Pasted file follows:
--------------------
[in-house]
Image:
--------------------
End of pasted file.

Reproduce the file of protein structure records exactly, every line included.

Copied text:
[in-house]
Image: